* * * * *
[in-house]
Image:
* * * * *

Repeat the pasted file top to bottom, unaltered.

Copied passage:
[in-house]
Image: